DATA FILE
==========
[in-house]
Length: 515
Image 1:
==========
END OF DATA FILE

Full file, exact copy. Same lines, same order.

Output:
[in-house]
Length: 515
Image 1: